SPORT AND SOCIETY BROADCAST FOR FRIDAY NOVEMBER 15, 1996

FRIDAY, NOVEMBER 15


A week after the Boston College story broke the gamblers took a bath, not on college football but on the godfather of sports gambling, boxing. Evander Holyfield's upset of the century over Mike Tyson was a disaster for those who set the odds and cover the bets. With odds running 25-1 to open and dropping to 5-1 just before the fight, bookmakers lost several million dollars. Major money was placed on Holyfield in the last few days, at least some of it coming from the Holyfield camp itself, and the smart money on the favorite never surfaced as betting closed.

When a lot of money comes in late and causes a major shift of odds it can be a sign that something odd is happening. Looking at the post-fight news conference where Tyson was gracious, almost grateful, and Don King was beaming with smiles, one could not but wonder if something wasn't producing a foul odor around this event.

But then again why shouldn't Don King be smiling. He has the rights to promote any rematch, and it will make him a bundle of money. Of course the truth will never be known unless Holyfield retires without a rematch.

Maybe it was simply the intervention of Jehovah into the pugilistic process once again, reminiscent of David's upset over Goliath, when the sports books in Sodom and Gomorrah took it in the money belt. It has also been suggested that Holyfield's victory was a sign that Jehovah is more powerful than Allah, but I'll leave that one to the theologians and mullahs to sort out. It is, in fact, not hard to believe that the Deity could be an aficionado of the sweet science.

However it is measured Holyfield's victory was a big upset and an historic development, as Holyfield became only the second man in history to win the heavyweight title three times. As for that bit of history we can only say Evander Holyfield, no matter how impressive he was last Saturday, is no Muhammad Ali, nor even a Cassius Clay.

Closer to home in Orlando two sports stories of some interest broke over the past weekend. First came the report that the O-rena lost money last year at a record pace, despite the fact that it had record occupancy. A $620,000 pool of red ink from operating losses was compounded by $1.8M to service the debt on the building.

This is not big news as those who follow this subject know, and it will continue as long as the Magic, and the DeVoss owned Solar Bears, continue to be given one of the best arena deals in the nation. Each time the Magic play the city of Orlando loses money, and it would appear that something similar happens with the Solar Bears as well. With DeVoss having reduced his Shaqless Magic payroll by $20M plus, could it be that it is time for the Pyramid King to carry a bigger burden and help make the O-rena something less than a drain on Orlando taxpayers?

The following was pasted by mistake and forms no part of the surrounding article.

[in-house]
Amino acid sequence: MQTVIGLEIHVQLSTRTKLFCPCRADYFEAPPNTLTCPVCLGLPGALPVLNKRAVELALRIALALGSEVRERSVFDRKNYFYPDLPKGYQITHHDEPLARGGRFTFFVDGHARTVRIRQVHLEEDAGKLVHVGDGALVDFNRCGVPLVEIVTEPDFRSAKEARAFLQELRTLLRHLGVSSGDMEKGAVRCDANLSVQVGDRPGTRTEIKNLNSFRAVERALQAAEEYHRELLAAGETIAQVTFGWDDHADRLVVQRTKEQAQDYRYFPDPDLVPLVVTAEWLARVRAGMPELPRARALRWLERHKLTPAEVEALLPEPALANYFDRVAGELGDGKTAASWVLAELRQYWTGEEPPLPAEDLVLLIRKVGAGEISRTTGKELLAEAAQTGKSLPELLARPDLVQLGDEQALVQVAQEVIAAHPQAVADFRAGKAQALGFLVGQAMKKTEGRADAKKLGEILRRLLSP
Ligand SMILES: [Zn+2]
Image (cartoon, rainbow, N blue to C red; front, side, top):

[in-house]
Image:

This is the same kind of thinking that suggested the Magic should reduce ticket prices in line with the Shaq-Savings, and it is just as likely to happen. They are more likely to be used to promote Daughter DeVoss as head of the Republican National Committee.

In addition to this news it was also reported that the city had operating losses of nearly $850,000 on the Citrus Bowl and about $280,000 on Tinker Field. But not to worry. The Orlando sports machine is extremely significant adding millions of dollars of value to the promotion of the city, more than making up for these minor losses.

The Mayor's chief aide tried to put a happy face on the news pointing out that these sports facility operations are like any other business. "There are peaks and valleys." In the professional basketball business in Orlando there are no valleys, and that is in no small part because for the city of Orlando there are no peaks.

In the meantime the county is faced with a different kind of problem. The extra penny added to the tourist tax two years ago to generate money for a baseball stadium has paid off at a much higher number than anticipated. At the same time the prospects of getting an expansion baseball franchise in this century are all but gone. So there is talk of repealing the extra penny on the tourons, and taking the $25M already raised and using it for another purpose.

One suggestion is that the money could be used to retire some of the debt on the O-rena, but that would only take pressure off the DeVoss clan to restructure their sweet rental arrangement with the city.

I would suggest that the money for a stadium continue to be accumulated, because if we listen to the baseball owners there will be several teams in receivership soon and ready to move to a new market. Maybe some of those Shaq-Savings could be used to buy a baseball team. Now I am just guessing, but the DeVoss Clan could probably get a real good deal on a stadium contract.

On Sport and Society this is Dick Crepeau reminding you that you don't have to be a good sport to be a bad loser.

Copyright 1996 by Richard C. Crepeau

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